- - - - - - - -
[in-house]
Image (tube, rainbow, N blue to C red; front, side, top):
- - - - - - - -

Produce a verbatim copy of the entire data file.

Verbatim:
[in-house]
Image (tube, rainbow, N blue to C red; front, side, top):